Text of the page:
Faith In A Dark Time
Now Naaman, commander of the army of the king of Syria, was a great and honorable man in the eyes of his master because by him the LORD had given victory to Syria. He was also a mighty man of valor, but a leper. And the Syrians had gone out on raids and had brought back captive a young girl from the land of Israel. She waited on Naaman's wife. Then she said to her mistress, "If only my master were with the prophet who is in Samaria! For he would heal him of his leprosy." (2 Kings 5:1-3)
Faith In A Dark Time
Joram (also called Jehoram) was the ninth king of the northern tribes of Israel following the division. His father was Ahab who did what was evil in the Lord’s sight, even more than any of the kings before him. He married Jezebel, the daughter of King Ethbaal of the Sidonians, and he began to bow down in worship of Baal. Ahab would rule Israel for 22 years unleashing a plague of ungodliness, murder, and idolatry. The prophet Elijah said of Ahab that no one else so completely sold himself to what was evil in the Lord’s sight as Ahab did under the influence of his wife Jezebel.
When Ahab died his son Ahaziah ruled the kingdom for two years. He did what was evil in the Lord’s sight, following the example of his father and mother and the example of Jeroboam son of Nebat, who had led Israel to sin. He served Baal and worshiped him, provoking the anger of the Lord, just as his father had done. Ahaziah died by the hand of God for seeking the counsel of Baal-Zebub, the god of Ekron, instead of the Lord God. Because he had no son, his brother, and son of Ahab, Joram became king. He did evil before God but not like his father and mother. The king continued to lead the northern tribes in the sins of Jeroboam the son of Nebat.
Somewhere in the hill country of the northern tribes, a devout family of God found joy in the birth of a little girl. They would cherish this little girl as a gift from God in a dark world given over to wickedness. No king that would rule the northern tribes were righteous. From Jeroboam until the Assyrians arrive in 722 B. C., the inhabitants of the ten tribes of Israel were living in a world dark with great wickedness. The leaders were wicked, the religious leaders were corrupt and the world was filled with ungodliness. One family struggled to keep their faith in God and teach their little girl to trust in the power of God. And then one day a cloud of dust appeared over the horizon and the worst nightmare for any family living in the northern part of Israel came true. The army of the Syrians attacked the cities and villages to loot, plunder and take captives. Included in the sweep by the Syrian army was the family of this young girl.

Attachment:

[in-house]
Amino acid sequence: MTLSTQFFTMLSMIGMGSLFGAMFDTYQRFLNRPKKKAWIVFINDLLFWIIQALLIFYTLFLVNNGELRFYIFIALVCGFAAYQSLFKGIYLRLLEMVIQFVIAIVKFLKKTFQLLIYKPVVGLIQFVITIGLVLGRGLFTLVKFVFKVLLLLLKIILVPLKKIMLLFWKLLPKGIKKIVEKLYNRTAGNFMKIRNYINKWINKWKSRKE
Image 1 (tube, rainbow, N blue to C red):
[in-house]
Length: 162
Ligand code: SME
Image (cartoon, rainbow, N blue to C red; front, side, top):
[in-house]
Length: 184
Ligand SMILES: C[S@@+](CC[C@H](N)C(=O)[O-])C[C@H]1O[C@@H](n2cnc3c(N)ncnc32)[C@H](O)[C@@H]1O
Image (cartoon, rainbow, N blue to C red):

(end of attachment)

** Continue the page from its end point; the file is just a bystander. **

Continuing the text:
Nothing is known of the family of the little girl. Were they killed in the Syrian raid or taken captive with so many others? Did they survive the attack and live in the mountains away from the raiding parties? The scriptures are silent. What is known is that on one of the raids under the command of Naaman, the young girl was taken captive. She was given the servile task of working in the home of the Syrian commander’s wife. Her life would never be the same. For many who found themselves slaves of the Syrians, there would be resentment, hatred, and scorn. If anything tragic happened to the Syrians, they would rejoice. This was not the case of the young girl serving the wife of Naaman.
Faith in a dark time is where the young girl found the faith that God could do the impossible. What is remarkable about the young maiden is that she grew up in the world of Ahab, Ahaziah, and Joram. There were few influences of goodness and righteousness. Somewhere in all the putridity of sin that surrounded them, the family of this young lady taught her to trust in God. When she saw that Naaman was a leper, she implored her mistress to have him go to the prophet in Israel who would heal him of his leprosy. This was an incredible belief. Leprosy had no cure. Jesus would later remark many in Israel had leprosy in the time of the prophet Elisha, but the only one healed was Naaman. The little girl believed in something taught to her by her parents. She saw faith in a time of darkness; not only in her life but she could see hope for her master to take away his leprosy.
Life can be a challenge and when the world gets turned upside down it can be hard to see the good in it all. Ironically, the early church grew strong in the face of persecution which shows how the faithful work through the times of difficulty. The generation of the early twentieth century was known for their hard work, frugality, and courage. This came from the rugged times of the Great Depression, and two World Wars. Dark times are meant to test the mettle of men and no time is as clear as the present. Faith does not disappear in the darkness, it shines as light. The faith of the young girl who changed Naaman’s life was a light in a dark world of sin. Children of God must be the light in a dark world to show others why God’s way is the way of peace, security, love, and hope. The darkness that hangs over our world will end one day because behind every dark cloud the sun continues to shine. Faith must shine from the hearts of the disciples of the King who reigns and the God who rules. Let your light shine and let the world hear your trumpet of faith - loud and clear.
- Kent Heaton